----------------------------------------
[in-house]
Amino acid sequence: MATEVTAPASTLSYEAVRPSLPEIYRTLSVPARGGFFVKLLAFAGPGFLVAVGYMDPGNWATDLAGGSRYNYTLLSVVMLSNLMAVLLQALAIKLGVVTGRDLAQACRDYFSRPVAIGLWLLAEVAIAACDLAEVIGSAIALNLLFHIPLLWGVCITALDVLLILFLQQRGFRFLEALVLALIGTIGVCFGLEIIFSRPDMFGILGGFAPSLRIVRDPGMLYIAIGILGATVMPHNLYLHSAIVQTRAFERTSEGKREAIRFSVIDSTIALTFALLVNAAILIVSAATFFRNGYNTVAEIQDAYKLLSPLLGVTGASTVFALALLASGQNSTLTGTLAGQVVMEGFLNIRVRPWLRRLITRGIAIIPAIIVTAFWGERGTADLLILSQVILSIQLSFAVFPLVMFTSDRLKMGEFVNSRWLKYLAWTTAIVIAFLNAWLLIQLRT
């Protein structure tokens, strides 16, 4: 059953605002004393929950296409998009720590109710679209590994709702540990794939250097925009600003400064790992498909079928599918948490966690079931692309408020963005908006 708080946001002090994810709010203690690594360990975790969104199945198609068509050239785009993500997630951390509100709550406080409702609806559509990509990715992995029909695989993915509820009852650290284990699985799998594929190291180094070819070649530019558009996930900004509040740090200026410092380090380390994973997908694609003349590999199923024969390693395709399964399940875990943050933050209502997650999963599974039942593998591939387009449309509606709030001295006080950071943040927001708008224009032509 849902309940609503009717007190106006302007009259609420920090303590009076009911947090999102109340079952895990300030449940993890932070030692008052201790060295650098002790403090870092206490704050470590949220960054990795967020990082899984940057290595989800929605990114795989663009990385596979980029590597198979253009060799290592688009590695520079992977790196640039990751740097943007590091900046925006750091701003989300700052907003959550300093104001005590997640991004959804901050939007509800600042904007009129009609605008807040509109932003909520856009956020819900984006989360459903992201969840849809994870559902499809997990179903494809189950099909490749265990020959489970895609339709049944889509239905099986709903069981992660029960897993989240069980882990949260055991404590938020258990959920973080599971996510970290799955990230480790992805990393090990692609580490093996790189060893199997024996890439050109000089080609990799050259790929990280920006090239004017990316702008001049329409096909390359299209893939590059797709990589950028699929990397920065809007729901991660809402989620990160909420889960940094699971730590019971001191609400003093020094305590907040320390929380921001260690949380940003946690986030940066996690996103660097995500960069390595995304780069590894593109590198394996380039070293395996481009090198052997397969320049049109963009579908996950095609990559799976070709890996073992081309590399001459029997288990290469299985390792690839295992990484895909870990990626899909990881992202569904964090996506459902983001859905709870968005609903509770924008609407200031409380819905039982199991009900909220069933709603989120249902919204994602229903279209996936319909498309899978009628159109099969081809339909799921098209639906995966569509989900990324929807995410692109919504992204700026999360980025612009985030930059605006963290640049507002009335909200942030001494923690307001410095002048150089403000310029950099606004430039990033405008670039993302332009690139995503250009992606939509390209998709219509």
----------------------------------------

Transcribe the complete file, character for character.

[in-house]
Amino acid sequence: MATEVTAPASTLSYEAVRPSLPEIYRTLSVPARGGFFVKLLAFAGPGFLVAVGYMDPGNWATDLAGGSRYNYTLLSVVMLSNLMAVLLQALAIKLGVVTGRDLAQACRDYFSRPVAIGLWLLAEVAIAACDLAEVIGSAIALNLLFHIPLLWGVCITALDVLLILFLQQRGFRFLEALVLALIGTIGVCFGLEIIFSRPDMFGILGGFAPSLRIVRDPGMLYIAIGILGATVMPHNLYLHSAIVQTRAFERTSEGKREAIRFSVIDSTIALTFALLVNAAILIVSAATFFRNGYNTVAEIQDAYKLLSPLLGVTGASTVFALALLASGQNSTLTGTLAGQVVMEGFLNIRVRPWLRRLITRGIAIIPAIIVTAFWGERGTADLLILSQVILSIQLSFAVFPLVMFTSDRLKMGEFVNSRWLKYLAWTTAIVIAFLNAWLLIQLRT
């Protein structure tokens, strides 16, 4: 059953605002004393929950296409998009720590109710679209590994709702540990794939250097925009600003400064790992498909079928599918948490966690079931692309408020963005908006 708080946001002090994810709010203690690594360990975790969104199945198609068509050239785009993500997630951390509100709550406080409702609806559509990509990715992995029909695989993915509820009852650290284990699985799998594929190291180094070819070649530019558009996930900004509040740090200026410092380090380390994973997908694609003349590999199923024969390693395709399964399940875990943050933050209502997650999963599974039942593998591939387009449309509606709030001295006080950071943040927001708008224009032509 849902309940609503009717007190106006302007009259609420920090303590009076009911947090999102109340079952895990300030449940993890932070030692008052201790060295650098002790403090870092206490704050470590949220960054990795967020990082899984940057290595989800929605990114795989663009990385596979980029590597198979253009060799290592688009590695520079992977790196640039990751740097943007590091900046925006750091701003989300700052907003959550300093104001005590997640991004959804901050939007509800600042904007009129009609605008807040509109932003909520856009956020819900984006989360459903992201969840849809994870559902499809997990179903494809189950099909490749265990020959489970895609339709049944889509239905099986709903069981992660029960897993989240069980882990949260055991404590938020258990959920973080599971996510970290799955990230480790992805990393090990692609580490093996790189060893199997024996890439050109000089080609990799050259790929990280920006090239004017990316702008001049329409096909390359299209893939590059797709990589950028699929990397920065809007729901991660809402989620990160909420889960940094699971730590019971001191609400003093020094305590907040320390929380921001260690949380940003946690986030940066996690996103660097995500960069390595995304780069590894593109590198394996380039070293395996481009090198052997397969320049049109963009579908996950095609990559799976070709890996073992081309590399001459029997288990290469299985390792690839295992990484895909870990990626899909990881992202569904964090996506459902983001859905709870968005609903509770924008609407200031409380819905039982199991009900909220069933709603989120249902919204994602229903279209996936319909498309899978009628159109099969081809339909799921098209639906995966569509989900990324929807995410692109919504992204700026999360980025612009985030930059605006963290640049507002009335909200942030001494923690307001410095002048150089403000310029950099606004430039990033405008670039993302332009690139995503250009992606939509390209998709219509």